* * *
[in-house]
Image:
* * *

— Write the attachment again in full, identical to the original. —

[in-house]
Image: